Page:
Hike the trails on Crane Beach’s Castle Neck in Ipswich to find a wide variety of coastal flora and fauna, sweeping views of the Essex River and Ipswich Bay, and easy trails that can be made more strenuous by hiking up and down the dunes and loose sand.
Hike the outer loop at Ravenswood Park in Gloucester by connecting the Ledge Hill Trail (orange blazes), Fernwood Lake Trail (blue blazes), and Magnolia Swamp Trail (yellow blazes) to see glacial erratics throughout the rocky woodland landscape. Combine that with either Stage Fort Park or Magnolia Woods and Rafe’s Chasm for an added coastal experience.
At Dogtown Common in Gloucester, look out for notable glacial erratics like the “Babson Boulders” (where life advice such as “stay out of debt” is etched into the rock) and an expansive network of trails and connections to Essex County Greenbelt properties such as Carter Reservation, Natti Woodlands, and Kleimola Reservation. The hiking (and finding the opportunity to get pleasantly lost) is easy.
Hike through the classic agricultural landscape at Appleton Farms on the Plains Loop Trail (blue blaze) for beautiful views across the Great Pasture.
In Good Company
Not in the mood for a solo hike? Not in the mood for a hike at all? There are other ways to hit the trails and the road on the North Shore this summer.
On a bike: Join free group rides at Riverside Cycle’s Haverhill and Newburyport locations through mid-September. The rides vary by distance, speed, and rider ability; check riversidecycle.com for upcoming rides. Rides from the Haverhill location, for instance, might include loops through Bradford, Rocks Village, West Newbury, and Boxford. For trail rides and mountain biking beyond the group rides, take a tip from Haverhill store manager Kurt Johnson, who loves the Beverly Rail Trail, Haverhill’s Winnekenni Park, Bradley Palmer State Park in Topsfield, Martin Burns Wildlife Management Area in Newburyport, and Harold Parker State Forest in Andover. “People don’t realize all the places we have to mountain bike here on the North Shore,” he says.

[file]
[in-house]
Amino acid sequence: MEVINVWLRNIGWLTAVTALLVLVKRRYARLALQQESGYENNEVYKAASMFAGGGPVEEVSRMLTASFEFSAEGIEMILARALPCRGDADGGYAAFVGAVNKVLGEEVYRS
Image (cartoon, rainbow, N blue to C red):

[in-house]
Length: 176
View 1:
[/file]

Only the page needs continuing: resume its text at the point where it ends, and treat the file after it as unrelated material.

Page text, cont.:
On a horse
You don’t have to cross the Mississippi River to experience Western-style horseback riding along beautiful woodland trails; you don’t even have to cross the state. Instead, venture to Bobby’s Ranch in Westford, which does hourly guided trail rides on horseback through more than 1,500 acres of open space. The horses are calm, quiet, and perfect for beginners and use Western-style, rather than English, saddles. “A lot of people want to feel like they’re a cowboy,” says owner Robert Haigh. bobbysranch.com Get Your Paddle On